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Welcome to my little corner of the ether. This is where you will find information about my books and musings on life and love in New York City. To stay in the loop about all things ADR...

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not alone It is truly amazing. Every time I question why I am here in this odd land, this exquisite ether, an answer comes. This happened to me just yesterday. The truth is that I am having a hard time figuring out what I want and what I need these days. My instinct is telling me to spend less time tapping keys and concocting chapters and to focus more on family. My gut is telling me to cozy up to my growing girls, to pause and enjoy this final half of my final pregnancy. But my mind is mottled with the chatter of my fictional characters, the new kids on my literary block. At day and at night, they whisper for my attention. And then there is this blog, this haunt of mine that has in so many ways become like another child. Needy. Lovely. Exhausting.

But this blog? It is not a child. It is a thing. Just a thing.

So, why? Why do I keep coming here and scattering confetti of self and story and struggle? Why do I feel so compelled to put myself out there, in here, to broadcast who I was and who I am and who I am becoming?

Because. Self matters. Stories mean something. Struggle unites us.

Yesterday, I clicked on a link shared by my good friend Lindsey on Twitter. Lindsey has raved about fellow writer and blogger Katrina Kenison and yesterday, I made my way to Katrina's blog and read what she wrote about losing her dear friend this past weekend:

Death and life, one inextricable from the other.  What I know for sure now is that a heart can accommodate both, a home can accommodate both, a family can accommodate both... We may not know what to expect from death, or whether we are truly up to the task we’ve taken on when we promise to stay near.  And then, having made clear our intention to be present come what may, we find that even in our most challenging transitions, we do know what to do.  Our hearts tell us how to make love visible. Our hands know, without being taught, how to soothe a brow, change a sick bed, tend a body.  Dying is hard physical work, protracted and laborious in one so young and otherwise healthy.  And, despite the most attentive ministrations, life’s final stages are not always beautiful.  To be human, it seems, is to suffer and to pray for an end to suffering. And then, in life's final moments, there is peace, and grace, and even, for one brief instant, a glimpse of the great mystery beyond this earthly realm.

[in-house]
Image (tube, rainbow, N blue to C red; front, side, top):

I read this and nodded because it made perfect, palpable, profound sense to me. I have been there. By the bed. Saying an impossible goodbye. It was Katrina's friend. It was my Dad. But, really, so much was the same. There are universals here. Wrenching universals. And I am not yet ready to go there, to write about the details of my experience, my loss. But I am ready to read words that make me recognize and make me feel and make me remember.

Words that make me realize something so important: I am not alone. In this dance of life and death, we never are.

This realization, timely as ever, is why. Why I come here. Why I want to. Why I need to.

This blog? This place? This world? These words? These neighbors in this invisible land? These things are not just things. They are so much more.

Thank you, Katrina, for your words. For sharing the realness of your rawness. I look forward to reading more of your words. And thank you, Lindsey, for pointing the way.

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Do you blog and read blogs in part to connect with others in this dance of life and death? Do Katrina's words speak to you and make you nod? Are you part of the club? Do you struggle with questions of what you want and what you need?

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